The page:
Two men share securities regulation news

Breaking news and expert analysis on legal and compliance issues

[Back To Home][Back To Archives]

From Securities Regulation Daily, March 3, 2017

Mexican homebuilder settles accounting fraud charges after images show minimal construction

By Amy Leisinger, J.D.

The SEC charged a Mexico-based real estate developer with reporting fake sales of more than 100,000 homes on which the company had not even broken ground to boost revenues in its financial statements over a three-year period. Using satellite imagery to help uncover the scheme, the SEC found that the company inflated the number of homes sold by approximately 317 percent and improperly recognized billions of dollars of revenue. Without admitting or denying the allegations, the developer consented to a permanent injunction against further violations and a bar on offering securities in the U.S. markets (SEC v. Desarrolladora Homex, S.A.B. de C.V., March 3, 2017).

"As alleged in our complaint, Homex deprived its investors of accurate and reliable financial results by reporting key numbers that were almost completely made up," said Acting Enforcement Director Stephanie Avakian. The settlement takes into account current management’s cooperation with the investigation and its lack of involvement in the scheme, she noted.

Accounting fraud. From approximately 2004 through 2014, the stock of Desarrolladora Homex S.A.B. de C.V., formerly one of the largest homebuilders in Mexico, was listed on the NYSE in the form of American Depositary Shares. The SEC alleged that Homex reported revenues from a project site in Mexico where every planned home was purportedly built and sold by December 2011. Satellite images of the site in March 2012, however, showed the area was still largely undeveloped and the vast majority of the supposedly sold homes remained unbuilt.

Under Homex’s own disclosures and internal policies and procedures, a home had to be substantially constructed before the company could potentially recognize revenue for its sale.

However, according to the SEC, Homex, through its senior officers and employees, systematically and fraudulently reported billions of dollars in revenue from the sale of these unbuilt homes by manually entering false information into its internal accounting and financial systems. Homex overstated its revenue by 355 percent, approximately $3.3 billion, and U.S.-based individuals and entities invested hundreds of millions of dollars in the company, the Commission alleged. The stock was eventually suspended and delisted from the NYSE, and the U.S.-based facility for Homex’s ADS was terminated.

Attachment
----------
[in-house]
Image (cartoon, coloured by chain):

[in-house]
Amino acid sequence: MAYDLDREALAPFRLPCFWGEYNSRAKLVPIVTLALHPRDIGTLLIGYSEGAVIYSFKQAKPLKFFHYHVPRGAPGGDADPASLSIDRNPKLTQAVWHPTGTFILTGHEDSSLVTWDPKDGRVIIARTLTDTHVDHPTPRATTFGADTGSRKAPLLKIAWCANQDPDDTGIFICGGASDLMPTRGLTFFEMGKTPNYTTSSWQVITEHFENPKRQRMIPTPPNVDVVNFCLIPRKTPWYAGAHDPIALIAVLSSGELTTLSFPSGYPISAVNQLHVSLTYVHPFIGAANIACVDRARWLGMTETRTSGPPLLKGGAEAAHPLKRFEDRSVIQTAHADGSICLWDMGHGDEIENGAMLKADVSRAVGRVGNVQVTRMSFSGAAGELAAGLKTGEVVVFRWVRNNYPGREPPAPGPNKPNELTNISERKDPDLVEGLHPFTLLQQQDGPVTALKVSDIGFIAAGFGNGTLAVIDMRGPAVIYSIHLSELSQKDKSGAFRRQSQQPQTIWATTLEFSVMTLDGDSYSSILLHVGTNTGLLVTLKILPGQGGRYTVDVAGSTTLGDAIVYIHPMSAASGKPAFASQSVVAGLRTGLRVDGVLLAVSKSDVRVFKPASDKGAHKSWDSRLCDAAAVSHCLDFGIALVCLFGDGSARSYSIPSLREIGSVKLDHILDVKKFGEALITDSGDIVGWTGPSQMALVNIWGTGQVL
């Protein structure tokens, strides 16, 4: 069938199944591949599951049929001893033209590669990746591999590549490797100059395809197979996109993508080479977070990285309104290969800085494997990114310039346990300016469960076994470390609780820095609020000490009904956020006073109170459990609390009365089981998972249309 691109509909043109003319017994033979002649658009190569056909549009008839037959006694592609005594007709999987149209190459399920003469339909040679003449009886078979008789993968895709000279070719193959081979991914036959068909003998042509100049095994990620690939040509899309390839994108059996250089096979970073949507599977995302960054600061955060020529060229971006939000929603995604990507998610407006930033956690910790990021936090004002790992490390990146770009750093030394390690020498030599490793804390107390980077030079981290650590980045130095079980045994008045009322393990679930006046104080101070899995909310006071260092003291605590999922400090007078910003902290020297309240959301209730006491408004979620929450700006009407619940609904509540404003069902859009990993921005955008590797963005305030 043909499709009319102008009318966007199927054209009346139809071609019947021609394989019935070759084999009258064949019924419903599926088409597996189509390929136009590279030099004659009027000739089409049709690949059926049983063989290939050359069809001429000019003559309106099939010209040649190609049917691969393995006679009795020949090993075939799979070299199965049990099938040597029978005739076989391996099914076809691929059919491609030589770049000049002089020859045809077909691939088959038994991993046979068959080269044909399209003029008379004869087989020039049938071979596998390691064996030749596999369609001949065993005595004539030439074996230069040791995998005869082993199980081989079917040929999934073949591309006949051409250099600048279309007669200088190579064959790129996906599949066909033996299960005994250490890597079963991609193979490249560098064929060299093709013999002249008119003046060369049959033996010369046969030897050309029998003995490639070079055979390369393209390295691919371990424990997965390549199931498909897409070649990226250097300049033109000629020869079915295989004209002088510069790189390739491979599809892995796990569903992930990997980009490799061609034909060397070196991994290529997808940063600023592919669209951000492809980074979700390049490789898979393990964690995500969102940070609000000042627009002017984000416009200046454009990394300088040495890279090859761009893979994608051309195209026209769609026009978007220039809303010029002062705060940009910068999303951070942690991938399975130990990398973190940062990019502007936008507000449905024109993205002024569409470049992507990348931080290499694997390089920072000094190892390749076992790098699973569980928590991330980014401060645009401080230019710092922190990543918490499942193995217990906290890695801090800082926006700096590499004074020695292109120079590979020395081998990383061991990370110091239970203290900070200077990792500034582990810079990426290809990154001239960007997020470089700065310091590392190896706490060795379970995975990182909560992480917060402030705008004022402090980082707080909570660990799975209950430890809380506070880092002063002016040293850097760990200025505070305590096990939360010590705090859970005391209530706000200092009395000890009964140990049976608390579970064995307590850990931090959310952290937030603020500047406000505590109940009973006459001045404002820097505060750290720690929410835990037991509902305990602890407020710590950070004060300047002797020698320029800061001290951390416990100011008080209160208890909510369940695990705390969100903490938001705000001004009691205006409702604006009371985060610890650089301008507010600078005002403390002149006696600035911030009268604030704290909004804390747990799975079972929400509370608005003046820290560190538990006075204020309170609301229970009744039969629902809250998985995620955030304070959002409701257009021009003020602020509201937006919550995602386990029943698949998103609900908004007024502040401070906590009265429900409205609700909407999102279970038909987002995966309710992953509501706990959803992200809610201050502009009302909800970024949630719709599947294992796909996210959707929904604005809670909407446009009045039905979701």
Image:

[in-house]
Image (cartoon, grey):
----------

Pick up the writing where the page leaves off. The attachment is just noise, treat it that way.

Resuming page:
By this conduct, the SEC alleged, Homex violated the antifraud provisions of Securities Act Section 17(a) and Exchange Act Section 10(b) and Rule 10b-5 thereunder. In addition, the company failed to ensure that statements made to the SEC were not misleading, that books and records kept accurately reflected transactions and assets, and that internal accounting controls remained sufficient to prevent violations.

Sanctions. To settle the matter, Homex consented to the entry of a final judgment permanently enjoining it from violating the antifraud, reporting, and books and records provisions of the federal securities laws and agreed to a prohibition from offering securities in the U.S. markets for at least five years. The SEC separately issued a trading suspension in the securities of Homex.

The settlement remains subject to court approval.

The case is No. 3:17-cv-00432-L-WVG.

Attorneys: Richard Hong for the SEC.

Companies: Desarrolladora Homex, S.A.B. de CV

MainStory: TopStory AccountingAuditing Enforcement FormsFilings FraudManipulation PublicCompanyReportingDisclosure CaliforniaNews

Back to Top

Securities Regulation Daily

Introducing Wolters Kluwer Securities Regulation Daily — a daily reporting service created by attorneys, for attorneys — providing same-day coverage of breaking news, court decisions, legislation, and regulatory activity.

A complete daily report of the news that affects your world

  • View full summaries of federal and state court decisions.
  • Access full text of legislative and regulatory developments.
  • Customize your daily email by topic and/or jurisdiction.
  • Search archives for stories of interest.

Not just news — the right news

  • Get expert analysis written by subject matter specialists—created by attorneys for attorneys.
  • Track law firms and organizations in the headlines with our new “Who’s in the News” feature.
  • Promote your firm with our new reprint policy.

24/7 access for a 24/7 world

  • Forward information with special copyright permissions, encouraging collaboration between counsel and colleagues.
  • Save time with mobile apps for your BlackBerry, iPhone, iPad, Android, or Kindle.
  • Access all links from any mobile device without being prompted for user name and password.